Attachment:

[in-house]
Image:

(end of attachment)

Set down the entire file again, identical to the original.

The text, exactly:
[in-house]
Image: